George Pataki's Curious Candidacy
Could this man be president?
Former New York Governor George Pataki, who announced his presidential campaign Thursday, is arguably the most qualified Republican candidate yet. He is also -- again, arguably; he has a lot of competition on this score -- the candidate least likely to win the nomination. This is a paradox worth examining.
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Pataki served as the chief executive of a large state for 12 years. He is no stranger to crisis, having led his state’s response to the Sept. 11 terrorist attacks. And while in office, he dealt with a legislature that was named the most dysfunctional in the U.S. No other Republican contender has this kind of experience.
To many Republican primary voters, however, his credentials matter less than his politics. Pataki is pro-choice. He signed legislation extending civil rights to gays and lesbians. He helped form a regional cap-and-trade system to limit power plant emissions, preserved more than 1 million acres of parkland and open space, and forced General Electric to clean up the chemical carcinogens it had long dumped into the Hudson River. Pataki was also a voice of reason on gun policy, signing a bill that banned assault weapons, raised the legal age of gun ownership to 21 from 18, and required background checks at gun shows.
Pataki did not mention any of this in his announcement speech, which is understandable: All raise hackles among the party’s base. Instead, he stressed his conservative bona fides -- he cut income taxes, welfare rolls and the size of state government -- and positioned himself in the mold of Theodore Roosevelt: a muscular internationalist with disdain for Washington’s moneyed interests. His proposal for a lifetime ban on lobbying for those who leave Congress played well with his New Hampshire audience, but he’s hardly the only candidate who is making Washington-bashing a central campaign theme.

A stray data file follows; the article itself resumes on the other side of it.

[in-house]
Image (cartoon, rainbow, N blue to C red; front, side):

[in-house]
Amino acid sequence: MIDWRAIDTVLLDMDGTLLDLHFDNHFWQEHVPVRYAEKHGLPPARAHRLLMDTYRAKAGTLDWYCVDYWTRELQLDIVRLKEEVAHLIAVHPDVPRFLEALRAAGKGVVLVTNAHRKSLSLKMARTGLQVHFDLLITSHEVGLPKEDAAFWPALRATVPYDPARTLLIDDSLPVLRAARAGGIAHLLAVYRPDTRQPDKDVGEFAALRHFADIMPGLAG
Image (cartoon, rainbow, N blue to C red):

Another New Yorker who ran for president, former New York City Mayor Rudy Giuliani, held similarly moderate positions but enjoyed far greater support in Republican circles. Yet his 2008 campaign quickly flamed out. Can Pataki, a far less prominent figure nearly a decade out of office and with barely any party support, succeed where Giuliani failed?
It's hard to see how. Nevertheless, Pataki can do his party and nation a service if -- unlike Mitt Romney in 2012 -- he stands by his record and explains how it is consistent with Republican Party principles. That may not win him the nomination, but it may make his quixotic campaign worthwhile.
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